Why this Project

"I don't think in Higher Education we give enough advice about how to present things. We just say 'Present your material' - we never teach students how they should do it." WL

" The written essay is important in terms of knowledge but presentation, to be able to go in a room, be confident, be able to talk to people, be able to express yourself clearly and directly is perhaps more important." WL

I have taught presentation skills to international students at Marjon for many years. We have filmed presentations and made the recordings available to the presenters as a record of their strengths and weaknesses. Most students have similar problems in their presentations, so I wanted to collect audiovisual samples which would illustrate these general problems and suggest how to avoid them.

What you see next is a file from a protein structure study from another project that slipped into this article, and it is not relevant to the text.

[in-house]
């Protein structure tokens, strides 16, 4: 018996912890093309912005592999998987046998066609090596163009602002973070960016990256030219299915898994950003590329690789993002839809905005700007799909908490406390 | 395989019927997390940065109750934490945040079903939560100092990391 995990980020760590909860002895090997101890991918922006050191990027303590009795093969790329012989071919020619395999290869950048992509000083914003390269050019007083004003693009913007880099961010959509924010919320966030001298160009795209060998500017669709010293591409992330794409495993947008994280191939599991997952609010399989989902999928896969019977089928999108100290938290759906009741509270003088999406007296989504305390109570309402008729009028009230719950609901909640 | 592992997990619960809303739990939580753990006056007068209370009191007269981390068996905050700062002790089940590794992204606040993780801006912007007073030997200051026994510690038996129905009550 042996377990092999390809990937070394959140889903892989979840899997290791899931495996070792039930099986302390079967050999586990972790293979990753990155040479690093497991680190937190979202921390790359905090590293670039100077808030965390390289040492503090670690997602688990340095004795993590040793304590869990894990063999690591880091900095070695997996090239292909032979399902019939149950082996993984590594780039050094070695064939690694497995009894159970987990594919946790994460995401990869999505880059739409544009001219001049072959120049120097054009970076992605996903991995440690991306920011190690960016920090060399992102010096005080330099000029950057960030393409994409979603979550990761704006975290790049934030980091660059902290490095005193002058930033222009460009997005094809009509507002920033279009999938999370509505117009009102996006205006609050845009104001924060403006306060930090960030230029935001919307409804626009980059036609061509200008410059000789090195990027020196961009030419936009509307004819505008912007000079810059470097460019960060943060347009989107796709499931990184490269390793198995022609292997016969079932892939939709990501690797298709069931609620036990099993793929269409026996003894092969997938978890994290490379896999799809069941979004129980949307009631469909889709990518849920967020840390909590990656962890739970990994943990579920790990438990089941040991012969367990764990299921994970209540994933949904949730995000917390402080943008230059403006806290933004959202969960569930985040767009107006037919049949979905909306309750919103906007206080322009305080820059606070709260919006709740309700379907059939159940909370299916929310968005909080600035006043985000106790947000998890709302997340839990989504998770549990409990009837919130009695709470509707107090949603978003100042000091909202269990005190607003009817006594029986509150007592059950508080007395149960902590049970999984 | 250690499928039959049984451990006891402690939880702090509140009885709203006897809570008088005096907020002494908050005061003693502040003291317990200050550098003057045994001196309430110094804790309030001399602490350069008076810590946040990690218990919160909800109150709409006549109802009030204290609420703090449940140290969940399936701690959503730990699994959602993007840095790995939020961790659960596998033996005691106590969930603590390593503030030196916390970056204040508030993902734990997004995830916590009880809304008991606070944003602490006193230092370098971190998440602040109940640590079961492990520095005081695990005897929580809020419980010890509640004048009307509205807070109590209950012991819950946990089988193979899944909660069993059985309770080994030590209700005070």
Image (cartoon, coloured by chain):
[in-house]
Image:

To make the project usable across the University College, we decided to film native-speaker English students as well, and discovered that they also had problems with presentations, sometimes the same ones as international students, but with a whole set of their own on top. Whilst international students worry about drying up - because they have a limited ability and experience of maintaining what is essentially a monologue in English - native speakers find that relying on their own fluency, of always finding something to say, creates other problems. Presentations are now part of the formal assessment of course modules, yet both teachers and students risk underestimating the importance of mastering the medium of presentations. Students clearly do not all receive as much guidance as they need.